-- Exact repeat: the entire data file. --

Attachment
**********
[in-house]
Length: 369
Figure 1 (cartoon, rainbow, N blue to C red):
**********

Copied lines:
[in-house]
Length: 369
Figure 1 (cartoon, rainbow, N blue to C red):